The Day the Earth Shook

After the earth shook, the nurses held steady. Evens Joicin speaks about the days following the 2010 earthquake in Leogane, Haiti

By Susan Baller-Shepard

Evens Joicin was a nursing student at *FSIL nursing school when the 2010 earthquake hit Leogane, Haiti. It’s estimated that 80-90% of the buildings in Leogane were destroyed, and 5,000 refugees arrived on the nursing school grounds, to seek help and medical care. Since Leogane was cut off from other parts of Haiti after the earthquake, and the local hospital had been closed for two years, the nursing students did all they could to save lives and comfort those who came.  They set up 10 first aid stations throughout the destroyed town. Evens talks about being alongside those who were injured, those grieving lost family members, and comforting those seeking solace after the earthquake.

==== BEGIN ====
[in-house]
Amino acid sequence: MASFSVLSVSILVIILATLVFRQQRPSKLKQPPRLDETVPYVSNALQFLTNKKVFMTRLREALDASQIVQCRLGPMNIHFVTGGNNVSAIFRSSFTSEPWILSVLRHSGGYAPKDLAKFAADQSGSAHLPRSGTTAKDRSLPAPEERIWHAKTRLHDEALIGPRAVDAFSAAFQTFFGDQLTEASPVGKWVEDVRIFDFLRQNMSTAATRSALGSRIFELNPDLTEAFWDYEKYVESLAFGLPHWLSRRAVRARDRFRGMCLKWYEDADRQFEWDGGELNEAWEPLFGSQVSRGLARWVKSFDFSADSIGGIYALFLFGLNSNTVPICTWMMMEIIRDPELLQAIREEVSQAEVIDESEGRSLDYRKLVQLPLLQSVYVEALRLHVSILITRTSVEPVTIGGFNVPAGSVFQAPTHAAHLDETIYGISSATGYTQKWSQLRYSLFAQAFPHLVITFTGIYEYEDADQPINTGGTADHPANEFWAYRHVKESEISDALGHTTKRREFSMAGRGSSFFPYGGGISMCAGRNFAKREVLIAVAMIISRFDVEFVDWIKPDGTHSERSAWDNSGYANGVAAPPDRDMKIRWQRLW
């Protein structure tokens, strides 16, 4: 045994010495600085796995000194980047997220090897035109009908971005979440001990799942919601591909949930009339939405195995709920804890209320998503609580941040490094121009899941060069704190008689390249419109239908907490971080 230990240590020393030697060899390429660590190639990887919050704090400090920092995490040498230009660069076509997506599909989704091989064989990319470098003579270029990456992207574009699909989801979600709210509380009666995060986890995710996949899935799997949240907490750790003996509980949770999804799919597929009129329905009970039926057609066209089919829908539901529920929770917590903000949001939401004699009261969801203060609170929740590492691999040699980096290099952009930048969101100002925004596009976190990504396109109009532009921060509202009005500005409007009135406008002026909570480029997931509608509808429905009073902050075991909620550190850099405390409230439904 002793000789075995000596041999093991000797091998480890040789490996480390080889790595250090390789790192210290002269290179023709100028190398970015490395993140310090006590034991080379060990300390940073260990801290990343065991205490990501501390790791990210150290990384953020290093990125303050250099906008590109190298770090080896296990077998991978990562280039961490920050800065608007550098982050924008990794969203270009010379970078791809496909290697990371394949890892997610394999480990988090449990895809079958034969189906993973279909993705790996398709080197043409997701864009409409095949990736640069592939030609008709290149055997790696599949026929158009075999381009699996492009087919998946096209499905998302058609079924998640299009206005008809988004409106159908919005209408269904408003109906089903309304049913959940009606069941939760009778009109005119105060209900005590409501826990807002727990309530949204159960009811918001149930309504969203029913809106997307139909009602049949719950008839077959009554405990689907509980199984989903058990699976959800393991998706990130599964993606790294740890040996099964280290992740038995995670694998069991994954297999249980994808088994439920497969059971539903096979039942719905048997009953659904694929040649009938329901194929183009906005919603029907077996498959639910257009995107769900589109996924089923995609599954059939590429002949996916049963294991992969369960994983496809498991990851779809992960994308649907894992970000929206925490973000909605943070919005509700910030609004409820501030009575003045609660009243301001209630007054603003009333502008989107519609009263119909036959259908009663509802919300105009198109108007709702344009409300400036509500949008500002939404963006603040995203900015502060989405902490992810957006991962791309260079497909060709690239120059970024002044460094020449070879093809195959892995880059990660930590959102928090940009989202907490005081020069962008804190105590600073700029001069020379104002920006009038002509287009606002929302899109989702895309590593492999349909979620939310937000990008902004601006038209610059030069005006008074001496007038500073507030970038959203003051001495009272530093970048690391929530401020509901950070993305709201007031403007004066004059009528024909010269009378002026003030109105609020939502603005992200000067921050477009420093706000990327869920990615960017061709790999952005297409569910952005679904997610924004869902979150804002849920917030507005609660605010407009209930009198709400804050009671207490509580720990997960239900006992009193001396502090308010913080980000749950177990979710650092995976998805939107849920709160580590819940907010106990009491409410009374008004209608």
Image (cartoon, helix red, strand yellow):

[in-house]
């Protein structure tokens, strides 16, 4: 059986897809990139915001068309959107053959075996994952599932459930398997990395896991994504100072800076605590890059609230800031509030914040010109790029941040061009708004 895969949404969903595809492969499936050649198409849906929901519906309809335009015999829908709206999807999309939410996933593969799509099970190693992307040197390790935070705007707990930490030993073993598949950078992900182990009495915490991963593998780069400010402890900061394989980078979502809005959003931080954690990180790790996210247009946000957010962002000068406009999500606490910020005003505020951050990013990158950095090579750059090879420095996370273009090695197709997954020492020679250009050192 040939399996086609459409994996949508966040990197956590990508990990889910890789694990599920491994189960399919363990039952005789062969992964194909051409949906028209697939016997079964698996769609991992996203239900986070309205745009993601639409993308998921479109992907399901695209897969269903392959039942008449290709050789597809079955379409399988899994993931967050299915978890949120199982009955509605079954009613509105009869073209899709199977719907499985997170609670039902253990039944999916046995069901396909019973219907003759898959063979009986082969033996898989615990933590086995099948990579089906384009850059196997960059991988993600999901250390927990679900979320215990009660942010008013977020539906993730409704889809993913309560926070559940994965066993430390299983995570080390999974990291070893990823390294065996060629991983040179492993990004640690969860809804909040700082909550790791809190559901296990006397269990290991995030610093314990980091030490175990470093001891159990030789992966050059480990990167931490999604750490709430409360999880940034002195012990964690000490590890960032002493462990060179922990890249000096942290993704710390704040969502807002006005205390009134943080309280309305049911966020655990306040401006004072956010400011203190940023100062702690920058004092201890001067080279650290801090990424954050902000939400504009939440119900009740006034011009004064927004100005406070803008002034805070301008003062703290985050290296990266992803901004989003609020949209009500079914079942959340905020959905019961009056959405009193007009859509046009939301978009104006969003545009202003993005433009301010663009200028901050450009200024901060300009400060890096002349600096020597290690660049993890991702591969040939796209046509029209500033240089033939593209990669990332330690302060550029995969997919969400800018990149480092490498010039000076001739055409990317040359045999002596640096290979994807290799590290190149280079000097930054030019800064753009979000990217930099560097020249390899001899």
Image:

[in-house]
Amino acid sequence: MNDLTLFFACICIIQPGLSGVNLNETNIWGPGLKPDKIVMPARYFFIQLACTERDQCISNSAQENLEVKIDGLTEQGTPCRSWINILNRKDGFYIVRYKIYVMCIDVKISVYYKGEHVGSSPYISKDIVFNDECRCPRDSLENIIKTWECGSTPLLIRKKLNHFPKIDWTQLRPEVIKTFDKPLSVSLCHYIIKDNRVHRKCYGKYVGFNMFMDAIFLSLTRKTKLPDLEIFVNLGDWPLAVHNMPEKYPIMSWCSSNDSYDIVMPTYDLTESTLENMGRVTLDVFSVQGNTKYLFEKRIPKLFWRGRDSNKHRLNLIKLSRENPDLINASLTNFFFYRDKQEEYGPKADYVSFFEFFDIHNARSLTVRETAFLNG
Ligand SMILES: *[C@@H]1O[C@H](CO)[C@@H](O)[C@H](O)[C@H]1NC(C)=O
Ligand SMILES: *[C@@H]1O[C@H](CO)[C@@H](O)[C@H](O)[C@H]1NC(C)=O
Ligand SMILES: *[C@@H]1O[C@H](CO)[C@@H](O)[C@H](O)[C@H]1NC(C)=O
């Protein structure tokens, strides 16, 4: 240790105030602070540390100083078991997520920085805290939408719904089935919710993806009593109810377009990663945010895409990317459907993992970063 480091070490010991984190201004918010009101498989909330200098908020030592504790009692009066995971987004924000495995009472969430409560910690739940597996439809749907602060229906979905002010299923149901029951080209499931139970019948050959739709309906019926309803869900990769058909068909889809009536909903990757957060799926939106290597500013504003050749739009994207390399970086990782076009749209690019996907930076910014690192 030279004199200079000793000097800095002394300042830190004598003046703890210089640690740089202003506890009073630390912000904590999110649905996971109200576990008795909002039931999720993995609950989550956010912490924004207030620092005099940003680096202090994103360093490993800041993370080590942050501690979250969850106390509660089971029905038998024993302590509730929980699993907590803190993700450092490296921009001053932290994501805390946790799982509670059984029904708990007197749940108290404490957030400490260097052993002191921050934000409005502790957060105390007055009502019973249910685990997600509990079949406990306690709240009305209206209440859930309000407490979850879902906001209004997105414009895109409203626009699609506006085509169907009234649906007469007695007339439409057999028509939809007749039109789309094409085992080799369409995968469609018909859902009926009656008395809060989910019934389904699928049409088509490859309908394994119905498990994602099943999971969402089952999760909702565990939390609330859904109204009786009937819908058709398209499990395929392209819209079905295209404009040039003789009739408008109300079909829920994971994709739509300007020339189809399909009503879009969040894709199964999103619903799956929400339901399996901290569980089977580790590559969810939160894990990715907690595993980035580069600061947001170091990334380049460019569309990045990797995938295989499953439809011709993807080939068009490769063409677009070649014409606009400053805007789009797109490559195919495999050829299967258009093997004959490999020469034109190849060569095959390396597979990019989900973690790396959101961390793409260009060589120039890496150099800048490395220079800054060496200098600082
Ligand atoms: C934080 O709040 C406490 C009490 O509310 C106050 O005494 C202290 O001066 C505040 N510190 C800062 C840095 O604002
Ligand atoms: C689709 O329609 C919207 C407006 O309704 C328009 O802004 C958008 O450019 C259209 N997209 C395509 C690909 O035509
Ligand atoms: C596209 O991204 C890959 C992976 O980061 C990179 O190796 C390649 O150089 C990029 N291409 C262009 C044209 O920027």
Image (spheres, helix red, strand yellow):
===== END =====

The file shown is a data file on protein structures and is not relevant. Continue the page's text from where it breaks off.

This is what compassion is all about, like Karen Armstrong defines in her book Twelve Steps to a Compassionate Life. “Compassion,” she writes, derives Latin and Greek “meaning'to suffer, undergo, or experience.' So 'compassion' means 'to endure [something] with another person, to put ourselves in somebody else's shoes, to feel her pain as though it were our own, and to enter generously into his point of view." (p.9) As Armstrong defines compassion “as an attitude of principled, consistent altruism,” (p.9), so too Evens and the other nurses offered themselves generously after the earthquake, providing care for their neighbors in need. Listen to this interview with Evens and his definition of compassion.

*The nursing school is called the Faculty of Nursing Science of the Episcopal University of Haiti;  

Contact person:Evens Joicin, 28, Rue Georges Kernisant, Leogane, HT6210, Haiti; phone: 509-3770-1567